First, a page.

11:10:40 pm on
Sunday 14 Jul 2024

All That's Necessary
AJ Robinson

According Anglo-Irish statesman and philosopher Edmund Burke, “The only thing necessary for the triumph of evil is for good men to do nothing.”  Burke offered this observation in the Eighteenth Century. It concerns evil.

I don’t allude to Dumb Donald.

Right away, you may think, I’m going to talk of the Great Orange and his administration. After all, look at all that he and his minions have done over the last three years and all of it right out there in the open, as Republicans in Congress have either remained silent or gone along with their actions. I’m not referring to them.

Dumb Donald, as the most visible member of this terrible cabal tormenting America, is but a symbol. Hitler came to symbolize all that was evil and corrupt in Germany, but it was the common foot soldiers, the butchers and bakers in the ordinary towns that carried out the abuse and killing of their fellow humans. Although America has not yet sunk so low, yet, I see events that make we weep, ashamed to be an American.

The killing of George Floyd is the latest in a list of terrible acts, but what made it worse were the people standing around watching. Granted, most were common citizens and forgivable, but what of all the officers who went along with the act? That long video, 8 minutes and 46 seconds long, is difficult to watch, but watch it we must if we intend to make our nation great.

Guilty knowledge is important. In the recording of the murder of Floyd, we see the officers say nothing and do nothing to stop Derek Chauvin from committing murder. They do not, it seems, oppose his act.

Watch their postures, gestures and facial expressions. Do they seem concerned for wellbeing of Floyd? Are they worried Derek Chauvin is killing Floyd? Is there any apprehension in their demeanor that signals they think they’ll get in trouble over this? They’re smothering a man in front of witnesses, many of whom are recording the act.

The cooperating police officers do not appear to be worried. By implication, we might conclude they agree with the actions of Chauvin, that is, jamming his knee into the neck of Floyd to the point of killing him. From the recorded evidence, it’s hard to believe they do not agree, to some degree, with the actions of Chauvin.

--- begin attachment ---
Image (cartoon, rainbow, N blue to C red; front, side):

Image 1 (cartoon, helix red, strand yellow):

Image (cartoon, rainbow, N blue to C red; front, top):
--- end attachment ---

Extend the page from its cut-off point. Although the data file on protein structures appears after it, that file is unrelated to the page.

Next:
Highly questionable police acts abound.

There are many other highly questionable police acts and one that is quite troubling. In Buffalo, New York, an obviously elderly white man simply walks up to some police apparently to ask a question. He’s not threatening, he’s not excited, but he is brutalised.

An officer knocks him to the ground. He bangs his head. Blood appears to emanate from his ear or the back of his head.

The police then march forward, apparently told to ignore him by someone in charge. The intent of the officers is to attack other protestors. What do the officers do about the injured old white man?

One officer does start to go for him, but is pulled away. As for the rest, they do nothing. They walk past him without so much as acknowledging his existence.

Think about that for a moment and let the words of Edmund Burke haunt you. Later, the police department issued a press release saying that the man merely tripped. Again, consider that for a minute.

What if there was no video of the event? Many people would accept the police version of the event and the matter would drop. Doesn’t that kind of call into question their other press releases?

Trump, in my opinion, is the most corrupt and incompetent president in the history of America. There will come a time when he is gone, a day I will celebrate. Only then will America be able to get back to normal.

That said, the sight of police officers, men and women who have sworn an oath to protect the innocent, to serve and to help those in need, to see them ignoring an injured man, a man who assaulted by one of their own, is truly the deepest cut to my soul.

America, as a nation, is at a crossroads. We have a decision to make and I’m not just talking about the upcoming election. I’ve seen police officers “bend the knee,” as a popular show says, and reach out to their citizens, and bring peace.

I hope to see you along the trail.

Then I’ve seen officers act like thugs and attack people. You tell me, which path forward are we going to take? I know which way I’m headed. Am I going it alone or will others join me?

Combining the gimlet-eye of Philip Roth with the precisive mind of Lionel Trilling, AJ Robinson writes about what goes bump in the mind, of 21st century adults. Raised in Boston, with summers on Martha's Vineyard, AJ now lives in Florida. Working, again, as an engineeer, after years out of the field due to 2009 recession and slow recovery, Robinson finds time to write. His liberal, note the small "l," sensibilities often lead to bouts of righteous indignation, well focused and true. His teen vampire adventure novel, "Vampire Vendetta," will publish in 2020. Robinson continues to write books, screenplays and teleplays and keeps hoping for that big break.

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